2x 45 min interviews, 1 day apart
Interview 1: written work, general questions on related topic; Interview 2: source given beforehand, comparison with book on personal statement
Read around my subject and discussed books I'd read with teacher.
Remember this advice isn't official. There is no guarantee it will reflect your experience because university applications can change between years. Check the official Cambridge and Oxford websites for more accurate information on this year's application format and the required tests.
Also, someone else's experience may not reflect your own. Most interviews are more like conversations than tests and like, any conversation, they are quite interactive.
Number of interviews: 2
Skype interview: No
Time between each interview: 1 day (both at about 09:00)
Length of interviews: 45 minutes each
My first interview was about an essay I’d submitted on Benjamin Disraeli’s foreign policy, and the interviewer asked me questions about it and I had to argue my case and explain why I’d composed the argument I’d written. We discussed Victorian politics more broadly, and I talked about some books I’d included in my personal statement that were relevant. The interviewer was friendly and didn’t ask me anything that was too complicated or that I wouldn’t be able to figure out, which made me feel at ease, because I was nervous.
For my second interview I was very nervous because it was an unseen passage from a historical source. I had 15 minutes to prepare outside the interview room. I was invited in and the interviewers were really friendly. They asked what I had been doing on my gap year to help me relax a bit. The interviewers looked at my personal statement and said they’d seen a book on there that would make an interesting comparison with the passage, so we talked about that, and what the passage/book could show about the ways of life of the different people they represented.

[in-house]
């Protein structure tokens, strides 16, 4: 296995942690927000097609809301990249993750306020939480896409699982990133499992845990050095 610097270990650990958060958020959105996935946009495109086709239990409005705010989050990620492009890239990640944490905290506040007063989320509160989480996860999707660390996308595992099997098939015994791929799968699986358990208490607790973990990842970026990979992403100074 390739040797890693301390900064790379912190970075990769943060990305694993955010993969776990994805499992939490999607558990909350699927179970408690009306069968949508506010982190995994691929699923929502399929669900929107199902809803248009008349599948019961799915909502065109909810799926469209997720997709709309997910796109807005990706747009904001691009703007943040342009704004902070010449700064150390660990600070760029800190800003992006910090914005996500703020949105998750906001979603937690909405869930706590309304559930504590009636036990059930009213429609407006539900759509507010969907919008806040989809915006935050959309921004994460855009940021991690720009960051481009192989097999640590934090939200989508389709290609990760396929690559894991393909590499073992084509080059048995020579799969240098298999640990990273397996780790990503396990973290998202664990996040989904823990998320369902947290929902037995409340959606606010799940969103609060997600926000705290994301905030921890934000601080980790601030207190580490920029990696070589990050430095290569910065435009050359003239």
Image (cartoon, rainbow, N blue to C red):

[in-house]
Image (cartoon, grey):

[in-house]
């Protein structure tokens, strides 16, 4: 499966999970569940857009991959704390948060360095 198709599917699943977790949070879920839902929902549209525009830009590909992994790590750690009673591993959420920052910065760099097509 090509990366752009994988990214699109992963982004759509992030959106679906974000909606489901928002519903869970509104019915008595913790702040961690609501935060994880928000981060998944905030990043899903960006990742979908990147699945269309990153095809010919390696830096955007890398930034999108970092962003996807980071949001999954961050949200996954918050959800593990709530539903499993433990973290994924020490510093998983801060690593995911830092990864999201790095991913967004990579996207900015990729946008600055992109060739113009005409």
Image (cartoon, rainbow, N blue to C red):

I looked at past papers and did a practice test.
I read academic books that I would be comfortable to talk about at interview. My
I made notes on the books and
Learning the arguments and counterarguments for my essay was very useful to help anticipate the sorts of questions/talking points that might come up. Reading around my subject was important because I was able to show I was enthusiastic and it made me feel more confident with the interview.